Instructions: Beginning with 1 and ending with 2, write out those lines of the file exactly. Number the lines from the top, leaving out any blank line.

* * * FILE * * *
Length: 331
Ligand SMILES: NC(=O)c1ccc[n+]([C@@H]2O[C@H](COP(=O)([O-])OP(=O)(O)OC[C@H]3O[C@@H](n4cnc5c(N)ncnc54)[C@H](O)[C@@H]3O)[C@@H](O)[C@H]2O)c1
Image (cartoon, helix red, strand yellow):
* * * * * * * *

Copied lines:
Length: 331
Ligand SMILES: NC(=O)c1ccc[n+]([C@@H]2O[C@H](COP(=O)([O-])OP(=O)(O)OC[C@H]3O[C@@H](n4cnc5c(N)ncnc54)[C@H](O)[C@@H]3O)[C@@H](O)[C@H]2O)c1